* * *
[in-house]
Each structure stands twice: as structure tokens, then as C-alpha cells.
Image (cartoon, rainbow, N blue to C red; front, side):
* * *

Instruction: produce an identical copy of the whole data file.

[in-house]
Each structure stands twice: as structure tokens, then as C-alpha cells.
Image (cartoon, rainbow, N blue to C red; front, side):